If John chose to gift beyond the $14,000 per person per year annual exclusion, he would be subject to gift tax returns and he would erode his own $5.49 million lifetime exemption. To address this possibility, let’s take a deeper look at the history of the lifetime exemption amount:

In 1997, the lifetime exemption was only $600,000 and the top estate tax rate was a flat 55%. This remained in place for 5 years (adjusted for inflation) until it was bumped up to $1 million from 2002-2010. It received another bump in 2011 to $5 million and has been adjusted for inflation each year until now, where it stands for 2017 at $5.49 million and a top federal estate tax rate of 40% flat for 2017. These figures are “permanent” until, of course, Congress decides to change the rules. 

If there are (hopefully) many years between now and John’s ultimate death, he could be waiting a long time to finally use up his lifetime exemption. By gifting these assets now, he may reduce his lifetime exemption, but still accomplish removing the assets from his estate, giving them the opportunity to obtain the step up in basis at his mother’s passing. And, if the lifetime exemption amount were to be reduced at some point in the future, he’ll be content knowing he had already taken advantage of the tax-free transfer before those changes went into effect.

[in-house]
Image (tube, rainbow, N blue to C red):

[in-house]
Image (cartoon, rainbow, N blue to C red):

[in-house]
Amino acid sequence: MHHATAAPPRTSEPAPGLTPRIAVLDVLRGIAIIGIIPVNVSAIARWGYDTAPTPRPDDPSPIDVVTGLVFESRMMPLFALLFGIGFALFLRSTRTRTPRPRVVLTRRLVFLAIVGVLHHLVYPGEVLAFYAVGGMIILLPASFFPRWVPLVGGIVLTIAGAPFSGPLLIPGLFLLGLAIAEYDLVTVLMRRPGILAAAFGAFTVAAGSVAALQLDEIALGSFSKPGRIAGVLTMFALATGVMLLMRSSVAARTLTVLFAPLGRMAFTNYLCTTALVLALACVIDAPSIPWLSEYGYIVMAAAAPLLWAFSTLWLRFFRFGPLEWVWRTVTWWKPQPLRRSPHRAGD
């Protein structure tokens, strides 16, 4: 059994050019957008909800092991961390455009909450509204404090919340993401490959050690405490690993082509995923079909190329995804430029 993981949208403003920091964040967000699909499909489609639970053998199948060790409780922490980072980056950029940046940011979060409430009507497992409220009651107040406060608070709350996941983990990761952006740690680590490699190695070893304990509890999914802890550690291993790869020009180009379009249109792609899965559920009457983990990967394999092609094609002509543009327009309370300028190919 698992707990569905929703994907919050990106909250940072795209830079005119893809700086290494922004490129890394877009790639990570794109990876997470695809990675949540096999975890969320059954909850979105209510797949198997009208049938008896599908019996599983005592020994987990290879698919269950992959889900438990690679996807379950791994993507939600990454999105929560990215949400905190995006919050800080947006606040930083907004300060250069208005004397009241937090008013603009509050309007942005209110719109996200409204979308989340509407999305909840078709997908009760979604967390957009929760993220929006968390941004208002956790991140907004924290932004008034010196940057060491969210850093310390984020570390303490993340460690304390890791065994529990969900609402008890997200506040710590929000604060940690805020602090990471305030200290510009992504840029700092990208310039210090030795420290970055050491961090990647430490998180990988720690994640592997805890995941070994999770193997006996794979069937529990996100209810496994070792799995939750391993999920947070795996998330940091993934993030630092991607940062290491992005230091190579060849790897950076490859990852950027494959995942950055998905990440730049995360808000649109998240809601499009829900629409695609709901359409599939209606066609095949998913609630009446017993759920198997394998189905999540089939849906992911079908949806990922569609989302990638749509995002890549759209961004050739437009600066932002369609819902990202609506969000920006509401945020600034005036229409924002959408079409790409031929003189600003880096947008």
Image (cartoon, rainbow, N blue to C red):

Just like constructing a work of art, finding the right way to utilize this wealth transfer strategy takes careful consideration and thoughtful execution. If the suitable circumstances exist, this strategy can be immensely beneficial. That said, with the current leadership in Washington, D.C., we simply do not know how income tax rules and especially estate tax rules may or may not be changing in the next few years. Regardless, this commentary was written based on the current policies in place. In addition, since implementing any form of wealth transfer strategy can have significant tax implications, always consult with your Sand Hill Wealth Manager and tax professional prior to taking any action. 

Annual Exclusion and Lifetime Exemption figures sourced from the Internal Revenue Service

This information has been developed internally and/or obtained from sources that Sand Hill Global Advisors, LLC (“SHGA”), believes to be reliable; however, SHGA does not guarantee the accuracy, adequacy or completeness of such information nor do we guarantee the appropriateness of any investment approach or security referred to for any particular investor. This material is provided for informational purposes only and is not advice or a recommendation for the purchase or sale of any security. This information reflects subjective judgments and assumptions, and unexpected events may occur. Therefore, there can be no assurance that developments will transpire as forecasted. This material reflects the opinion of SHGA on the date made and is subject to change at any time without notice. SHGA has no obligation to update this material. We do not suggest that any strategy described herein is applicable to every client of or portfolio managed by SHGA. In preparing this material, SHGA has not taken into account the investment objectives, financial situation or particular needs of any particular person. Before making an investment decision, you should consider, with or without the assistance of a professional advisor, whether the information provided in this material is appropriate in light of your particular investment needs, objectives and financial circumstances. Transactions in securities give rise to substantial risk and are not suitable for all investors. No part of this material may be (i) copied, photocopied, or duplicated in any form, by any means, or (ii) redistributed without the prior written consent of SHGA.